Saturday, 23 April 2011

Lib Dems: the opposition party

Labour in 1983: wedded to inter-party conflict - and the opposition benches
There's something of the Greek tragedy about the Liberal Democrats. A fitting fate, you might say, for that most European of British political parties but their present predicament of being torn apart by that which they desired most - namely, government - is irresistibly reminiscent of King Midas.

The shock of Cleggmania, too, (in which the party actually superseded Labour in a couple of opinion polls) and its crashing obliteration at the polls is just another rerun of the classic Lib Dem 'so near, so far' melodrama. And, while the millions of cold feet at the ballot box were arguably not their fault, Lib Dems, like the great panda, seem to have a curious preponderance towards their own demise.

The party's Liberal predecessors were masters in this regard, of course; having cast Liberalism into the political wilderness some 90 years ago. And, while it's true there are a number of historical factors behind their third-place relegation, it is fair to say many of these were, if not orchestrated by Liberal politicians, certainly exasperated by them.

At the end of the nineteenth century, for example, the party's predominantly middle class leaders consistently ignored calls to increase the representation of working people in the party and to field working class MPs. Naturally enough, these activists eventually decided they had had enough and established the Labour Representation Committee, in 1900.

Given the political context of the time it was an understandable, if not entirely agreeable, position for these bourgeois industrialists to take and the LRC could have withered into historical insignificance. But, rather than ruthlessly wiping out a rival (as Labour would do 20 years later), the Liberals actively nursed the LRC's nascent spark with a Lib-Lab electoral pact in 1903 that increased the number of socialist MPs from two to 29.

This was done just as the party was beginning to tear itself apart over the issues of Irish Home Rule, 'new' and 'old' Liberalism and, later, coalition with the Conservatives. The latter would eventually broker a formal split of the party into two camps; one under Herbert Asquith and the other under David Lloyd George. 

The two factions reunited under the banner of free trade for the 1923 general election - which produced a hung parliament - just in time to be superseded by Labour as Britain's principal left-wing party. But, despite having only 33 fewer seats, Asquith decided to support a minority Labour government rather than force a Liberal administration. The following year the party's representation in the Commons collapsed from 158 MPs to 40.

What sort of a party would pursue such fevered, kamikaze tactics, I hear you ask? Well, as the Lib Dems were declared the legal successor of the Liberal party in 1988, I can say with confidence it is the very same party that is, even today, plotting to cast itself back into political purgatory.

The 'big tent' organisation of both Labour and the Conservatives has prompted many a political commentator to question what exactly is the point of the Liberal Democrats but you really do have to ask yourself what purpose a party serves when it seems so offended by the idea of political power.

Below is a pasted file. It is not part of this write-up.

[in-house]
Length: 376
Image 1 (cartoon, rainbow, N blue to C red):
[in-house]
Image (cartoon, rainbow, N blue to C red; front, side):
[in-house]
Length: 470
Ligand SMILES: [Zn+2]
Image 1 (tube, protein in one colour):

Vince Cable is the absolute living embodiment of this poor, confused, mentality. It really is very difficult to understand what exactly he is hoping to achieve by constantly undermining the government in which he serves (see here and here). 

In the most remarkable flouting of collective responsibility, he has egged on the Prime Minister to sack him by calling him 'unwise', bragging with the most astonishing hubris that he can 'bring down the government' and declaring he would quite happily leave office as to do so would double his income.

Such an ostensibly intelligent man ought to know there is only one outcome from such childish behaviour: oblivion. His exit from the Cabinet - either through his own doing or the PM's - will result either in being ignored by his party colleagues as a once-promising embarrassment or, if they follow him, by the wholesale massacring of Lib Dem MPs in a general election the Conservatives would, given Labour's highly opaque alternative, almost certainly win.

Lib Dem councillors, too, seem possessed by an Ouroboros complex of failure. There is such delicious irony, for example, in former Liverpool Council leader Warren Bradley urging Nick Clegg to leave the coalition to 'regain the party's independence' when his party has campaigned for almost 100 years on changing the voting system to one in which coalitions, and thereby compromises, would be guaranteed. It seems to have escaped Cllr Bradley, too, that his party would be the junior partner in these coalitions in perpetuity.

Lib Dems like Cable and Bradley need to grow up and decide whether they wish to remain in the real world and continue to exert the disproportionate influence they have over coalition policy - while respecting collective responsibility and that sacrifices must be made - or go back to their beards and sandals; to a cosier world where they can continue to make outlandish promises on abolishing tuition fees without ever having the inconvenience of being called to account on them.

The choice is yours, fellas.

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